A introduction to timers

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Introduction

Icon Objective.png

Objective

By the end of this page you will be able to:

  • Have a basic understanding of timers
  • Be able to implement a simple countdown timer

Instructions

Create a new Actionscript 3 file and save it as timer_example. Create a rectangular button and place this in the bottom center of the stage with the text “Push Me”, and give it the instance name of pushme_btn. In the top right corner of the stage create an empty text box called timer_text, select the text box type as Read Only TLF Text (In Flash CS4 or earlier set the text type as Dynamic Text). Import a photo or a picture to your stage, adjusting the size so that the button and textbox are not blocked or hidden. Select the photo and press F8, and convert the photo to a movie clip giving it the name photo_mc. Give the photo_mc movie clip an instance name of photo_mc.

Create a new layer called actions, locking the layer. Select Frame 1 and press F9 to bring up the Actionscript window. For our first bit of code we are going to hide the photo movie clip when the flash file is run. Type the following actionscript in the actionscript window:

photo_mc.alpha = 0;

Next we are going to create a timer. Type the following code below the existing code already entered:

Var myTimer:Timer = new Timer(1000, 4);

In the first part of the code (var myTimer:Timer = new Timer) we are just creating a variable called myTimer that is of the type Timer. In the brackets (1000, 4) we are creating a timer that is going to tick every 1000miliseconds (or 1 second) for 4 times before it will stop. Next we are going to create a simple countdown timer by telling the timer what to do every tick. Enter the following code below any existing code:

 
myTimer.addEventListener(TimerEvent.TIMER, onTimerTick);
Now that we have to create an function called onTimerTick that will be called on every tick of the timer. Enter the code bellow to create the function:
Function onTimerTick(e:TimerEvent):void
{
	Timer_text.text = String(10 – myTimer.currentCount);
{

Basically to get a countdown timer we are taking the current count of the timer away from 10 (how many times we said earlier that our timer was going to tick for), converting it to a string and displaying it in the timer_text textbox. Now that we have something happening on each tick of the timer it is time to write the function what will happen when the timer has finished. Below the first eventlistener for the timer tick enter the following code:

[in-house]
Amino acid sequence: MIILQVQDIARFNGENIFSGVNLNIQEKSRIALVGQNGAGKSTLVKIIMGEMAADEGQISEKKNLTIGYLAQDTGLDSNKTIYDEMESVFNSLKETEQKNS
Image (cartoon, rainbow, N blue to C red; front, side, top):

myTimer.addEventListener(TimerEvent.TIMER_COMPLETE, onTimerComplete);

The TimerEvent.TIMER_COMPLETE parameter is stating that this function will be called when the timer has finished ticking. Below the onTimerTick function enter the code for the onTimerComplete function:

function onTImerComplete(e:TimerEvent):void
{
	Photo_mc.alpha = 100;
	Timer_text.text = “complete”;	
}

Basically all this function is doing is making the photo that we hid at the start visible (photo_mc.alpha = 100) and putting the text “complete” in the time_text text box.

Now lastly we are going to make the timer start when the pushme_btn that we created earlier is clicked. Below the first and second eventlisteners write the following code:

	Pushme_btn.addEventListener(MouseEvent.CLICK, onPushmebtnClick);

Below the other two function enter the following code which will start the timer when the pushme button is clicked by the user:

Function onPushmebtnClick(e:MouseEvent):void
{
	myTimer.start();
}

Now it is all done! your coding should look like the code below:

photo_mc.alpha = 0;
 
var myTimer = new Timer(1000, 10);
 
myTimer.addEventListener(TimerEvent.TIMER, onTimerTick); //on every tick
myTimer.addEventListener(TimerEvent.TIMER_COMPLETE, onTimerComplete); //when the timer completes
 
pushme_btn.addEventListener(MouseEvent.CLICK, onPushmebtnClick);
 
 
function onPushmebtnClick(e:MouseEvent):void
{
	myTimer.start();
}
function onTimerTick(e:TimerEvent):void
{
	timer_text.text = String(10-myTimer.currentCount);
}
function onTimerComplete(e:TimerEvent):void
{
	photo_mc.alpha = 100;
        timer_text.text = "complete";
}

Now when you first test your movie (Control ->Test Movie->Text) or by pressing Ctrl + Enter you should see nothing but a blank stage and with the button. When you press the button you should see number appear in the text box, decreasing from nine. When the timer is completed the numbers in the text box will change to the text “complete” and the photo will appear.

You may notice that if you click the pushme button again nothing happens. This can be solved by inserting the following two lines of code into the onPushmebtnClick function. The line myTimer.reset(); will reset the timer back to zero as it has already reached its count of ten. The line photo_mc.alpha = 0; simply hides the photo again.

	myTimer.reset();
	photo_mc.alpha = 0;

The completed movie

Your finished movie should look similar to the photos below. The first image on the left is what should show when the movie is first run. The second is after the button has been pressed, with the number for the countdown timer visible in the textbox in the upper right hand corner of the page. The image on the right shows what should happen when the timer has finished ticking.

Completed timer screenshots.jpg



Icon References.png References


 

Flett, J. (2011). A introduction to timers. Retrieved December 17, 2017, from http://www.virtualmv.com/wiki/index.php?title=A_introduction_to_timers